Lafourche Parish anxious to get students back to class in hard-hit areas

Local News

THIBODAUX, La. (BRPROUD) — Schools in Lafourche Parish are slowly beginning to open back up after Hurricane Ida. But the pressure is building on the school district as children spend more time out of class and the cost to rebuild rises.

As of this week, between 8-9,000 students in Lafourche Parish are still out of school. In the hardest-hit areas, school buildings are undergoing major repairs to make it safe for kids to learn again. For South Lafourche High School, it won’t be until mid-October.

Around 5,000 children will be able to return to their schools starting Monday. The district plans to build multiple classrooms from the ground up and have a basic room with sheetrock and concrete floors for children to return to.

The superintendent said he is anxious to get kids back in class as students not in class are quickly falling behind. Even with the parish having chromebooks, virtual learning is not an option.

“Virtual options obviously depend on families’ ability to navigate the internet, have reliable power, and the infrastructure to support all that,” Superintendent Jarod Martin said.

He also said if the housing crisis in the southern part of the parish isn’t addressed soon then opening schools won’t matter because students need to have a place to live first and foremost.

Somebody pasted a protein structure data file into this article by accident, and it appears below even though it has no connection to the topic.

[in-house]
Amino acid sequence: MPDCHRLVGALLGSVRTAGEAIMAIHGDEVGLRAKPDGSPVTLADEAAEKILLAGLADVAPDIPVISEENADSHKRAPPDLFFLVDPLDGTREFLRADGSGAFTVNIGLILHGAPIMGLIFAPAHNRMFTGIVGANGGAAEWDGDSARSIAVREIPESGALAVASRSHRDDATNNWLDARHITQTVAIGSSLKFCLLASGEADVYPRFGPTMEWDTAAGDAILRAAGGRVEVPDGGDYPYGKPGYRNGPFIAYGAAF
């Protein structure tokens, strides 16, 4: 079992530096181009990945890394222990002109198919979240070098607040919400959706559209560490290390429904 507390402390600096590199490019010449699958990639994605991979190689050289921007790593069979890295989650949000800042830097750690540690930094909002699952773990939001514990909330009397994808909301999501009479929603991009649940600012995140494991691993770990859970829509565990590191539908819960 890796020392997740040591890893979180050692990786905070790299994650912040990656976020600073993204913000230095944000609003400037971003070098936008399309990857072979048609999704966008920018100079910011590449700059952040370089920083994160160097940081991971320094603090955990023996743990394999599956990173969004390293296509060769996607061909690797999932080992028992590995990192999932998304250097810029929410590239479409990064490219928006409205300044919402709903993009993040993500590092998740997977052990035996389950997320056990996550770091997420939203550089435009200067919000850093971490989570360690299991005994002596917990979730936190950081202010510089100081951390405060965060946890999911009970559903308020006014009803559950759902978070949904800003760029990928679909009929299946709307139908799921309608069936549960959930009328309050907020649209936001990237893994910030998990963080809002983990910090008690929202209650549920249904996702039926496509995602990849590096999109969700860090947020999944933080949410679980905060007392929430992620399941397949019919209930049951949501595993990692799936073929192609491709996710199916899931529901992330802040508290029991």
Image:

“The biggest concern is our youngest learners,” Martin said. “So every day that we’re not in school, a five-year-old is not learning how to read. That is a much bigger concern than a senior right now.”

He said he is confident the seniors will be able to graduate on time this year.

In terms of money, Lafourche is going to need some help. With repairs estimated at over $100 million, the school district is going to run out before long without help. The district had just dug out of a fiscal hole after an economic impact from the oil industry in 2018. They hoped to end the year with $28 million in the general fund, and expected to pay $170 million for their yearly operating fund.

“When you compare the amount of money that we have, $20 million, to the total cost of $100 million, we’re going to need to partner with our friends at the governor’s office, hopefully to receive FEMA money very quickly,” Martin said.

They have already begun the application process for FEMA grants. Read how other school districts are recovering from the storm here.

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